Self-Professed Christians Depriving Millions of American Kids of Health Care
It’s budget season in the political world and as Republican governors tell their legislators how wonderful it is to restrain spending, 15 GOP governors are sweeping under the rug a major moral failing, if not a scandal, by refusing to expand Medicaid—state-run healthcare—to 4 million poor people, including 1 million children.
If you attended Wisconsin Gov. Scott Walker’s 2015 state of the state address, you would have heard a typical boast that everything is fine and on track. “Our plan is to help more people live their piece of the American Dream—right here in Wisconsin,” he said in his highest-profile annual legislative speech. “We will build off of our successes.”
Walker, a 2016 presidential candidate, did not say one word about poverty, or inequality, or his refusal to accept federal funds to expand Medicaid under Obamacare, even though his state has at least 566,000 residents without health insurance, of which 116,000 adults and 62,000 children lack coverage but are eligible for Medicaid, according to a recent Kaiser Family Foundation analysis.
Nationwide, 15 states have refused to expand Medicaid under Obamacare, which uses federal dollars to pay for almost all of its costs. Republican governors, like Walker in his 2014 state of the state address, have said they do not want to “expose” taxpayers to unexpected future costs. In fact, there is growing evidence that perpetuating poverty ends up hurting people and costing the state more in the long run.
“Many adult diseases should be viewed as developmental disorders that begin early in life and that persistent health disparities associated with poverty, discrimination, or maltreatment could be reduced alleviation of toxic stress in childhood,” the American Academy of Pediatrics wrote in a 2012 paper.
“Medicaid generally has favorable effects on eligible children,” said a January 2015 report by the National Bureau of Economic Research. “We find that by expanding Medicaid to children, the government recoups much of its investment over time in the form of higher future tax payments. Moreover, children exposed to Medicaid collect less money from the government… women have higher cumulative earnings by age 28… [and children] also experience decreases in mortality and increases in college attendance.”
The academic evidence finds that access to healthcare, especially for children, means they will live longer, healthier, more productive lives, and have less reliance on government safety nets in later life. But that has not stopped 15 red-state governors, many of whom tout their Christian values while campaigning, from not only ignoring the poor, but intentionally perpetuating poverty.
“It may be a tough slog to get the public and their representatives to listen to arguments about investing in poor people’s health right now to reap financial benefits for the state years down the road,” the Columbia Journalism Review wrote in a January piece. “Those covering Medicaid expansion need to try to broaden the discourse beyond the all-too-typical story quoting opponents versus supporters that rarely clues us in to what’s at stake.”
But if anything, since the 2014 elections the political winds in red states are blowing even harder against the poor when it comes to Medicaid. In states such as Arizona and Arkansas that expanded their Medicaid programs under Obamacare, new governors have been talking about making it harder for recipients, with a mix of new monthly fees and co-pays (Indiana), work requirements (Utah, Arkansas), or a combination of these including canceling coverage if a recepient misses a monthly payment.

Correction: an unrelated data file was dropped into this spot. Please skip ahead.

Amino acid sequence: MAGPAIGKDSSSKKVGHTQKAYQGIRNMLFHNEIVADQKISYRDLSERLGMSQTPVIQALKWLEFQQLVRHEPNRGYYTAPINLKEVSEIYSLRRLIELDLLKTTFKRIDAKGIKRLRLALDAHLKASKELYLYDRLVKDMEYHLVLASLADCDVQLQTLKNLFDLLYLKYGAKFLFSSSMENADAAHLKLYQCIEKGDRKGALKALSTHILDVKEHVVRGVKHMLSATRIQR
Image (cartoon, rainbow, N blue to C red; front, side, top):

Ironically, the White House’s just-released 2016 federal budget proposal gives these punitive efforts cover, because President Obama is proposing to raise fees and charges for Medicaid’s first cousin, Medicare—government healthcare for seniors. Obama’s proposal is touted as squeezing “$399 billion over the next 10 years out of Medicare, Medicaid and other [safety net] programs,” the New York Timesnoted.
What’s lost in all the economics-only framing is the morality of choices involved. The human costs of not providing access to Medicaid are substantial, stacking the decks against a disadvantaged person for what could be a lifetime. Clearly, these GOP governors, many of whom tout their religious morals, do not care about longer-term benefits but only about short-term politics.
As the Kaiser Family Foundation noted, many red-state governors are not even telling residents in their states who are now eligible for Medicaid about enrolling—Obamacare or not.
A “large majority of individuals in states not expanding Medicaid are children who are eligible but not yet enrolled in coverage,” Kaiser reported last April. “Not all Medicaid-eligible individuals are enrolled in the program due to lack of knowledge about their eligibility and historic enrollment barriers.”
These states could take steps to help millions of poor people, including children, live better lives where they will be less likely to need government assistance. But they don’t and won’t, despite their professed political vanities about less government dependency and moral posturing about serving society.
As the British medical journal, the Lancet, reported last July after studying 20-year public health trends, “Investing in health has stimulated shared economic growth as citizens live longer and with greater capacity to pursue they lives they value.”